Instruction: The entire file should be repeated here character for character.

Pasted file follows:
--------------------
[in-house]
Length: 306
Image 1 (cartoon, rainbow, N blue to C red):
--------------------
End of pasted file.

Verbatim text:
[in-house]
Length: 306
Image 1 (cartoon, rainbow, N blue to C red):